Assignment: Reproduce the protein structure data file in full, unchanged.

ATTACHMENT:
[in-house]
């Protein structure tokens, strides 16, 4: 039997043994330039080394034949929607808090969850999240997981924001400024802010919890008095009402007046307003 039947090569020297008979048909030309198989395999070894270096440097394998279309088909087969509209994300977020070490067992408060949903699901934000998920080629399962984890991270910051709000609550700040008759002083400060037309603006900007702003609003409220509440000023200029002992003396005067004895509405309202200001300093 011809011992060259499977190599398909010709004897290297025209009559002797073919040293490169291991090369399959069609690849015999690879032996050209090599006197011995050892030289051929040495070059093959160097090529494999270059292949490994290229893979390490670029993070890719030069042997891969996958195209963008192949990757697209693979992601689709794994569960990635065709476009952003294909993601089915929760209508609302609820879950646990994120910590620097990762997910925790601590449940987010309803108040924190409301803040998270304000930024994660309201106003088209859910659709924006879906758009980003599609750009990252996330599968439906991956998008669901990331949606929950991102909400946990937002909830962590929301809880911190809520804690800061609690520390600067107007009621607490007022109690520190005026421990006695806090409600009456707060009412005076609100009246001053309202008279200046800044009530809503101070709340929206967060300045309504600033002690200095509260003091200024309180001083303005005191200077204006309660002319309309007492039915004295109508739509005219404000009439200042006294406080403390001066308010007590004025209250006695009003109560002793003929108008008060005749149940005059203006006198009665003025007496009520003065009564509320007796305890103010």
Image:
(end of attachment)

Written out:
[in-house]
């Protein structure tokens, strides 16, 4: 039997043994330039080394034949929607808090969850999240997981924001400024802010919890008095009402007046307003 039947090569020297008979048909030309198989395999070894270096440097394998279309088909087969509209994300977020070490067992408060949903699901934000998920080629399962984890991270910051709000609550700040008759002083400060037309603006900007702003609003409220509440000023200029002992003396005067004895509405309202200001300093 011809011992060259499977190599398909010709004897290297025209009559002797073919040293490169291991090369399959069609690849015999690879032996050209090599006197011995050892030289051929040495070059093959160097090529494999270059292949490994290229893979390490670029993070890719030069042997891969996958195209963008192949990757697209693979992601689709794994569960990635065709476009952003294909993601089915929760209508609302609820879950646990994120910590620097990762997910925790601590449940987010309803108040924190409301803040998270304000930024994660309201106003088209859910659709924006879906758009980003599609750009990252996330599968439906991956998008669901990331949606929950991102909400946990937002909830962590929301809880911190809520804690800061609690520390600067107007009621607490007022109690520190005026421990006695806090409600009456707060009412005076609100009246001053309202008279200046800044009530809503101070709340929206967060300045309504600033002690200095509260003091200024309180001083303005005191200077204006309660002319309309007492039915004295109508739509005219404000009439200042006294406080403390001066308010007590004025209250006695009003109560002793003929108008008060005749149940005059203006006198009665003025007496009520003065009564509320007796305890103010």
Image: